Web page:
Mel Makes a Spectacle of Suffering

CNS photo/Touchstone
CNS photo/Touchstone )

Despite the biblical-sounding title — and subtitled dialogue in an ancient language — Mel Gibson’s Apocalypto isn’t an eschatological follow-up to The Passion of the Christ.

It has nothing to do with the book of Revelation, or with the end of the world — though it does touch on the end of a world, or more than one.

Actually, although the English word “apocalypse” connotes the end of the world, the real meaning is revelation, “unveiling.” The form used in Apocalypto, means “I reveal.”

But what, if anything, is revealed by the film? What is this film about?

With its pre-Columbian Mesoamerican setting, subtitled dialogue and unknown cast of indigenous, largely first-time actors, Apocalypto is a brutal action movie with unusually exotic production values. The film depicts the murderous conquest of peaceful jungle villagers by cruel Mayan warriors, some to be sold as slaves, others for a worse fate.

Is there any larger meaning? The film offers various possible clues. There’s an opening quotation from historian Will Durant: “A great civilization is not conquered from without, until it has destroyed itself from within.” There are speeches in the film about the crippling effects of fear, how it crawls into the soul and destroys inner peace. A village elder retells an intriguing myth about the unique power and restless hunger of man, who borrows the strengths of all the animals before they realize that man has a hole inside him that will make him take and take until the world has no more to give.

Christological echoes crop up in the film: An unsettling prophecy suggests that the hero, Jaguar Paw (Rudy Youngblood), may be somehow chosen to overcome the cruel Mayans, and a nearly miraculous turn of events strongly suggests that whatever powers that be are on his side.

Above all, though, the film speaks the language of violence. Following in the footsteps of Gibson’s Braveheart, The Patriot and The Passion of the Christ, Apocalypto is steeped in graphic bloodletting, mutilation and gore.

Echoes of Gibson’s earlier work runs through the film. There’s throat-slitting, disemboweling, beheading and suggestions of rape (Braveheart). A bloodied, battered hero fighting indestructibly on and on (The Patriot). And a mysterious, preternatural child, along with a stabbing wound to the side (The Passion of the Christ).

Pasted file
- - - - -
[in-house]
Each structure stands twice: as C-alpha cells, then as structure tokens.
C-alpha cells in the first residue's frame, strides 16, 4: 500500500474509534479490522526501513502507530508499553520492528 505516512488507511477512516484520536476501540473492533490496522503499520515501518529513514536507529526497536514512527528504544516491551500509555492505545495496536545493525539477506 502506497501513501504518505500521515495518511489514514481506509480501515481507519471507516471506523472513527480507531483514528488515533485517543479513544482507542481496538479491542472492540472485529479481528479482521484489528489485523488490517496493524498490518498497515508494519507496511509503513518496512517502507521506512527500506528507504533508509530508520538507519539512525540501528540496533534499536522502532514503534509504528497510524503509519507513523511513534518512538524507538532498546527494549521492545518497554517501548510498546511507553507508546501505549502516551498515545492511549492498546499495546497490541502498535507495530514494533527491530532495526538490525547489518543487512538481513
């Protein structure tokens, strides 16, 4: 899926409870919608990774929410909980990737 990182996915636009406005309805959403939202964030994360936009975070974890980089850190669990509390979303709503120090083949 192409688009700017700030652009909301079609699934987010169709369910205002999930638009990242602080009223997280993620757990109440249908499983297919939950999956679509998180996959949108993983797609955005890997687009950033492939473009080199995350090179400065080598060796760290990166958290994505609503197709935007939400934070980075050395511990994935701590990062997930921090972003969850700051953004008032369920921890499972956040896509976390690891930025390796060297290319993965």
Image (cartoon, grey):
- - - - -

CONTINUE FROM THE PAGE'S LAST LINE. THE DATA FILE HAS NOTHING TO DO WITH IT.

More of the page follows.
Why are Gibson’s movies so horrifically violent? Neither historical realism nor the narrative demands of the story seem sufficient rationales. Even in The Passion of the Christ, although enthusiastic commentators have suggested that the real brutality of Jesus’ passion exceeded that of the film, that Gibson actually toned down the violence in his depiction, realistically this is very likely an inversion of the truth. Certainly Jesus’ redemptive suffering exceeded what any film could depict, but in terms of actual physical violence the real scourging at the pillar could hardly have been as extreme as the film version.

Some of the violence in Apocalypto, such as the scenes of human sacrifice and the vicious conquest and enslavement of the villagers, may be integral to the depiction of a ruthless, decadent civilization. Yet when a freak accident leads to a closeup of an angry jaguar chewing the face of a Mayan warrior, or when a team of warriors leap over a waterfall and an underwater camera shows one of them bloodily bashing out his brains on a hidden rock, it’s hard to see the historical or narrative necessity.

Some critics charge that Gibson’s work is simply sadistic, reveling in brutality for brutality’s sake. Yet morality and heroism are as integral to Gibson’s films as violence; Apocalypto isn’t just a Mesoamerican Texas Chainsaw Massacre. Nor does revenge seem to be the main point, though it’s certainly part of the mix.

Revealingly, Apocalypto opens with a pair of crude, cruel practical jokes that focus squarely on the theme of manhood. One of the villagers, a big fellow named Blunted, is the butt of humiliating treatment because he hasn’t been able to give his wife a child.

From there, the film goes on to trade on male anxieties regarding protecting and providing, above all male fear of powerlessness, of impotence, of inability to protect and provide, to prevent the destruction of one’s life and world.

Against such fears, the film pits fate, courage and, above all, willingness to suffer — to triumph over and through suffering. As in other Gibson films, embracing suffering is the path to victory. (Even in The Passion Jesus was depicted deliberately prolonging and intensifying the scourging at the pillar, standing up after the Romans had beaten him to the ground and provoking the incredulous soldiers to renew their torturing attack with even greater fury.)

Gibson is a consummate filmmaker, and the action is never less than riveting. Yet as the film repeatedly ratchets up the wince factor beyond what seems necessary or appropriate, it’s hard not to feel that suffering has been reduced to spectacle.

The final showdown between Jaguar Paw and his detestable archrival is brilliantly orchestrated. But then comes a moment when the bad guy is not quite dead, but not long for this life. As he looks up at the hero, a thin jet of blood spurts from the side of his laid-open head, pulsing with his heartbeat. Does anyone want or need to see that?

Gibson is a bold, powerful artist who is unafraid of challenges. For his next challenge, he might try exercising restraint.

Content advisory: Much extreme graphic violence and gore; disturbing images; ethnographic nudity; frank sexual references and themes; implied rape; coarse and obscene language; gross-out humor.

Steven D. Greydanus

is editor and chief critic of